The dreary little office grew drearier and smaller every day it seemed. Xylitol began his morning routine by casting a dismal frown across the room, at the vast mound of papers blocking his cubicle’s door. He turned over his shoulder, catching sight of the poster on the wall reading “Don’t think, Do” in big beveled indigo letters. Hundreds of cubicles like his own were abstracted on the poster as a checkerboard workforce stamping and passing and stamping and passing, each moving the unimaginable amount of paperwork in Destiny Enterprises one step closer to completion.
Xylitol reached across his desk and picked up the first paper of the day, snapping it from the top of the mound. An older man in Oregon was about to be foreclosed on. It was dated three months ago, and by now, Xylitol had no say in the matter. He picked up his big black “RESOLVED” stamp, stamped the paper and passed it through a slit to the adjacent cubicle. He wondered if anyone was even there. Through the slit, the mound in the adjacent cubicle appeared to have risen past the level of the desk. Mechanically, he reached forward again. He felt a crack in his back, ignored the pain and examined the new case. Likely another one past due, but somebody had to stamp it.
With a gasp, Xylitol put down the paper and scrambled to find his telephone, buried under the papers. A family of six in Arizona was about to be deported, but Xylitol could troubleshoot them. He had precious little time, but finally, he could do the job he had signed up for. No more months-old lost causes, finally Xylitol could do real work.
All he had to do was remember how to fill out the form.
Arms swinging like a thrashing animal, Xylitol swiped and threw and shredded papers in his way, digging through cases months old, cases years old, cases so old that there wasn’t even a Destiny Enterprises when they were relevant. He found his phone and slammed the numeric pad. Buried beneath the avalanche of paper, he counted the tones, tying the cord around his fingers, desperate for the voice at the other end.
He heard a clicking noise and a droning reply.
“Do you know how long I’ve been stuck here?” Cyclamate said. Xylitol knew. She had been stuck there for twelve years, six months, seventeen days and–
“I’ve got it down to the days. I don’t know the minutes and seconds.”
“Let me check my clock.” Cyclamate said. Xylitol heard rustling.
“No, wait, don’t look around for your clock. I have a question about standards and practices and such. I have a case I can actually solve.” Xylitol said, clapping his hand against his thigh and squeezing the phone. He could hardly contain his excitement.
“Oh!” Cyclamate replied. “Congratulations! So what do you want to know?”
“Everything.” Xylitol said. “Orientation seems like ancient history now.”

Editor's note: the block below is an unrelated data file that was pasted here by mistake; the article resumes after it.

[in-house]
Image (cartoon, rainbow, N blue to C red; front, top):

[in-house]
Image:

Xylitol dug himself out of the papers, stretching the phone cord to its limits. He made it back to his desk and looked at the form. “Okay. The name field. Is it my name, or the client’s name? The client’s name is already here so I think it’s my name right?”
“No, that’s the client’s name again. Your name goes in the ‘Assigned Troubleshooter’ field.” Cyclamate replied. “You are the assigned troubleshooter. Which, I should add, is a temp position! Can you believe we’re just temps? I’ve been here twelve years and I’m still a temp! There’s probably some fat cat out there signing all sorts of glamorous destinies, with health insurance and a severance package and everything–”
“Okay, okay; Listen,” Xylitol said, “the address field, is that the client’s address?”
“I think that’s your cubicle number.” Cyclamate said. “I always put my cubicle number.”
“Stevia had some rejected when she put her cubicle number there.” Xylitol replied.
“Really? Oh shoot. Then yeah, copy the client’s address again there. I’ve never had a rejection, but I think the guy adjacent to me just hasn’t looked at any of mine yet.”
“Probably. Mine don’t really get looked at much either. Okay, now, this signature, is it the client’s signature or is it my signature?”
“It’s the client’s. I distinctly remember this from Orientation.”
Xylitol’s grip on the phone loosened, and he had slapped himself all out of wanting to slap his thighs. The excitement drained rapidly. “How am I supposed to get the client’s signature though? This isn’t Arizona. This isn’t anywhere really.”
“Let me dig around here, I know I have a Standards and Practices book.”
Xylitol heard rustling again. “Cyclamate, no, don’t dig– Hello? Cyclamate?”
He held on to the phone, for what seemed like hours. Finally he heard the rustling again, and Cyclamate said “Xylitol! I found my clock! I’ve been a temp of Destiny Enterprises’ Karma division now for twelve years, six months, seventeen days, five hours, thirty-eight minutes and twenty-two seconds.”
“Oh.” Xylitol replied flatly. “That is great. Did you find your manual?”
“No.” Cyclamate said. She sounded disheartened.
“That’s too bad.” Xylitol said. After a profound sigh, he put down the case as “resolved.” It was thirty minutes past due, and there was nothing Xylitol could do anymore. The family was probably halfway to Mexico by now – or at least immigration office. Or prison. Who knew anymore? Xylitol reached across his desk for the next case.